Nashville artist Casey Pierce is known for creating huge, hyperrealistic collage paintings featuring larger-than-life figures and vibrant, surreal pop culture motifs.
Driven in part by his own desire to take refuge from our image-saturated culture, his recent work has taken a difficult turn towards simplicity and restraint. “Architectureality,” his latest solo exhibition to open at the Red Arrow Gallery, features minimalist abstract paintings on shaped canvases that link painting and sculpture. There are no people and few colors, only unique objects or geometric shapes, shaping and holding cold spaces where viewers can, as he writes in his artist statement, “take a visual breath “.
Pierce spoke with The Tennessean about his recent work and his new exhibition, on display at the Red Arrow Gallery from September 8 to October 8. 7.
What inspired “architecture”?
In recent years, I have focused more and more on shape and color. I felt like I had something to prove with painting, as if I always had to include my skills in realism. Now I feel free to paint according to my taste.
I am also constantly inspired by scientific developments. While making the paintings, I think my interest in science and technology found its place in the work. Science makes possible things that make the world surreal, even alien, and art can do it in its own way.
The work explores imaginary and real restraint. What is the difference for you?
Most of my favorite artists have one thing in common. They distill their ideas down to the essential. Complexity disguised as simplicity. Like a Kubrick movie, or an Eames chair. They all exercise restraint in order to create a structure to which they hang their ideas, and that imaginary structure then interacts in the real world.
What effect did you hope to create by shaping your canvases?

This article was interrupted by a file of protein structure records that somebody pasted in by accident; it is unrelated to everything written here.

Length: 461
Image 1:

The works are all about creating and shaping space with an object. They are all image and object. I think when you’re around them they bring equal attention to both, allowing people to switch between the way they look at each room from moment to moment. I am also enthusiastic about great architecture and wanted to put that into work. My dad always pushed me to be an architect and I actually lived on the architecture floor of my dorm during my freshman year of college, but then I discovered painting, I couldn’t imagine doing anything else at the time. I think you have to become obsessed with something in order to progress.
Does your cinematographic production influence your painting?
They definitely play against each other. If art had personality types, I think music videos would be the extrovert with the gift of chatter and paintings and other art items would be the introvert with lots of thoughts and ideas, but not need to tell you about it right away.
What impact do you hope the show will have on viewers?
I guess I always hope that when someone is near my job, they feel like they are in an interesting place.
If you are going to
When: 8 Sep-Oct 7
Or: Red Arrow Gallery, 919 Gallatin Ave.
Other: A reception will be held on opening night at 6 p.m. in conjunction with the East Side Art Stumble. There will also be a public chat with Pierce about the show from 4 p.m. to 6 p.m. on September 29, moderated by art critic Joe Nolan.
Following:First major non-objective art exhibition in Nashville opens this weekend